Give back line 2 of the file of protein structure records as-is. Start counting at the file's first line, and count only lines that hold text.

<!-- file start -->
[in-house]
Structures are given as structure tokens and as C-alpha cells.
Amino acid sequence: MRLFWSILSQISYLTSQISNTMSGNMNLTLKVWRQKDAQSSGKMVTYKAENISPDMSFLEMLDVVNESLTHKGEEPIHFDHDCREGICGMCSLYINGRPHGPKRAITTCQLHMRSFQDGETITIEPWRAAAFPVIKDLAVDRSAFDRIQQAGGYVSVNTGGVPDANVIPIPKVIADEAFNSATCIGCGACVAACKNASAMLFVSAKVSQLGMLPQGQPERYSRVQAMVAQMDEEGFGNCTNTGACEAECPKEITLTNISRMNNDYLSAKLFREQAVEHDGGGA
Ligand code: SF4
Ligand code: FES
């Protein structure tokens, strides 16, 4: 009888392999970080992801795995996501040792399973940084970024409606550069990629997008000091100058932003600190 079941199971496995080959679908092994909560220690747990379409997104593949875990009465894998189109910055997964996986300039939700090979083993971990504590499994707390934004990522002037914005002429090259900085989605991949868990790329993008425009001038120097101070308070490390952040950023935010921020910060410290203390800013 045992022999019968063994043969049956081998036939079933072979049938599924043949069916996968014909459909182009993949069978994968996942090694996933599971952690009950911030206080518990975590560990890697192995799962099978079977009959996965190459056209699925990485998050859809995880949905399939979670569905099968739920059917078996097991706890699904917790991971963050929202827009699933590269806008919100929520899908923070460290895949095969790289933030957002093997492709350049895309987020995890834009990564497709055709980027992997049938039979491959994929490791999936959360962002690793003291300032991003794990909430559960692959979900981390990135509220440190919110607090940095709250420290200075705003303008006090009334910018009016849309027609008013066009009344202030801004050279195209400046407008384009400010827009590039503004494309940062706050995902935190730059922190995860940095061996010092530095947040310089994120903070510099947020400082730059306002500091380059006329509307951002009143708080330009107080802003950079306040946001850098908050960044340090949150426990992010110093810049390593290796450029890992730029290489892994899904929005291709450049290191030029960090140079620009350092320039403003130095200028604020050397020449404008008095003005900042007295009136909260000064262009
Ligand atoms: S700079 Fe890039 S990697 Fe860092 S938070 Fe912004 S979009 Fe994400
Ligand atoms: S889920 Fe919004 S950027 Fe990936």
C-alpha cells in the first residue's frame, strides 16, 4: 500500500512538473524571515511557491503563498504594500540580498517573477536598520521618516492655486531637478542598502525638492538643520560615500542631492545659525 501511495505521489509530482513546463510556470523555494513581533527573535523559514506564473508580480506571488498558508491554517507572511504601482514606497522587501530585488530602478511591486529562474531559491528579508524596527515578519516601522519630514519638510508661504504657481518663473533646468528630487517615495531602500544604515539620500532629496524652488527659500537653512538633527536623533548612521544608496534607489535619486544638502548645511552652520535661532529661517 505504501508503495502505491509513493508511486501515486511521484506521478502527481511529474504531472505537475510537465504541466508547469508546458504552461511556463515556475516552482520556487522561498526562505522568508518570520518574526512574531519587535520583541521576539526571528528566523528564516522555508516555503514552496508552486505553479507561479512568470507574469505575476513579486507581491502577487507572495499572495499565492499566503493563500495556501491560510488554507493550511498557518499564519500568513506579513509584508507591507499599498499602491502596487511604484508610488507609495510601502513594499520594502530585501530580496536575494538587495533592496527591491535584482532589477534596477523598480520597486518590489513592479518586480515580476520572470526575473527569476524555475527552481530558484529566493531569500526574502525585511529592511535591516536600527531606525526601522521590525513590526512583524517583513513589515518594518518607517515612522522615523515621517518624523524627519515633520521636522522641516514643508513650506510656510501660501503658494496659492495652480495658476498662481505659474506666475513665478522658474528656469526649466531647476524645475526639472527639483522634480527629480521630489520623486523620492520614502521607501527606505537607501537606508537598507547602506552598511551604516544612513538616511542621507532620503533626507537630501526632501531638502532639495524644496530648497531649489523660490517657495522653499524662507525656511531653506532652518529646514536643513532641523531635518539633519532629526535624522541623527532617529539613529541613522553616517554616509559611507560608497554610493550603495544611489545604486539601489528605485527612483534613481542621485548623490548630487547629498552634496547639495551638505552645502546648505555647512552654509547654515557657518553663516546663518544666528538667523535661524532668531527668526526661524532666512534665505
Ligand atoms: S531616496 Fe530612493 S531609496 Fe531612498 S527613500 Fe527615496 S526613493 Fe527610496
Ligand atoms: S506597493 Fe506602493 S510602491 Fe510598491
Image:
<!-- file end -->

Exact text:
Structures are given as structure tokens and as C-alpha cells.